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Opening RRSP for first time. Recommendations? what to look for?

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  • Nov 25th, 2013 1:22 pm
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[OP]
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Apr 18, 2010
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Opening RRSP for first time. Recommendations? what to look for?

Hi I'm looking to put a portion of my tax return in RRSP. Can any of you recommend which financial institution provides the best rates or other attributes? Other best practices I should be aware of or any useful advice? I plan on putting in $400 right. I'll be the only one making contributions to it for now.
15 replies
Deal Expert
Mar 25, 2005
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Read up on what an RSP is first.
Sr. Member
May 3, 2013
549 posts
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Toronto
It is good to hear that you are putting a portion tax return to RRSP (instead of blowing it all away). First thing to consider is the FEES. A best practice is to contribute on a pay cheque basis, the account will grow quicker than you think! Do some math prior to opening an account to see if it's worth the fees vs returns, etc. Bottom line is that you will be paying less taxes, but I'm talking about when to open the account and pay for the fees. If you open the account now, you'll be paying the fees for 6 months (till year end) vs. opening the account in December.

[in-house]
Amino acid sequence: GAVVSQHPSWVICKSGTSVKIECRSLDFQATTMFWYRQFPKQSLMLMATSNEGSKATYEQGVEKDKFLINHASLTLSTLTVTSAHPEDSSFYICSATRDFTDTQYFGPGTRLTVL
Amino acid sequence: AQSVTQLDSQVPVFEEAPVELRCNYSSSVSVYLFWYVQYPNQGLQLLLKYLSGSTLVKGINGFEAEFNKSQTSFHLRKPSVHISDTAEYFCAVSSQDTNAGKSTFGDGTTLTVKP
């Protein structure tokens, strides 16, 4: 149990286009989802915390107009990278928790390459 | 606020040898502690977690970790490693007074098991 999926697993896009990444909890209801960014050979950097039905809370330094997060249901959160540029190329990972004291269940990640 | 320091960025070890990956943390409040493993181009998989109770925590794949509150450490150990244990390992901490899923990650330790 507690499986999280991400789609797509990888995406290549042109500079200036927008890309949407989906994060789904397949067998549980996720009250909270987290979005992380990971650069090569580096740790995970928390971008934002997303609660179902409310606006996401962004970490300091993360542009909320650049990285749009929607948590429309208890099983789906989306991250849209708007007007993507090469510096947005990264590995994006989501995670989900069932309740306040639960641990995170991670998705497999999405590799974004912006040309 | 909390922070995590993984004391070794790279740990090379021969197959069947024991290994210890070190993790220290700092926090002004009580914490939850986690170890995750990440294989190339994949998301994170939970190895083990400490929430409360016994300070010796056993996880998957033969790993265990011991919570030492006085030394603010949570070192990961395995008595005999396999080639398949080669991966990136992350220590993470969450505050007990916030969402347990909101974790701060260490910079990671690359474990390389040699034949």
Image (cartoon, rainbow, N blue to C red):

Learn more about the different offerings among the institutions first.
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Dec 5, 2008
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realtorhome wrote:
Jun 13th, 2013 9:07 pm
It is good to hear that you are putting a portion tax return to RRSP (instead of blowing it all away). First thing to consider is the FEES. A best practice is to contribute on a pay cheque basis, the account will grow quicker than you think! Do some math prior to opening an account to see if it's worth the fees vs returns, etc. Bottom line is that you will be paying less taxes, but I'm talking about when to open the account and pay for the fees. If you open the account now, you'll be paying the fees for 6 months (till year end) vs. opening the account in December.

Learn more about the different offerings among the institutions first.
In short...read about RRSP as Kasakato said.
Deal Addict
Dec 27, 2007
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Edmonton
What kind of fees are there?I'm curious as I don't have an RRSP as well.
Deal Expert
Mar 25, 2005
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dj_rice wrote:
Jun 13th, 2013 10:27 pm
What kind of fees are there?I'm curious as I don't have an RRSP as well.
Same as any registered account or brokerage account for that matter. For ex: Opening fees, close account fees, annual fees, transfer fees, trade commission, MER on MFs.
Member
Jan 24, 2007
318 posts
6 upvotes
RRSP is like a bucket you can fill it in with whatever financial product you like

A little bit of stocks (read on stocks)
A little bit of GIC's (read on GIC's)
Some mutual funds (read on mutual funds)
Some ETF's (read on ETF's)
Tiny bit of Cash (find a bank with a high RRSP savings interest rate)
[OP]
Deal Addict
Apr 18, 2010
4698 posts
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Toronto
Oh totally forgot about the fees. It might be good to wait until December to open one up - I take it I only pay for one month of fees and still can claim it for my 2013 return next year. Maybe I'll put my refund in my TFSA as well as other contributions and then withdraw it to put in an RRSP come December - is this advisable? I won't really have any non-cash items in my rrsp. For stocks I have a TFTA account with Questrade where I don't face any fees and I'm sheltered from any capital gains taxes. I pretty much just require a tax shelter on top of having another "savings account".

And yes I'll read up more on RRSPs.
Sr. Member
May 3, 2013
549 posts
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Toronto
glover78 wrote:
Jun 14th, 2013 10:45 pm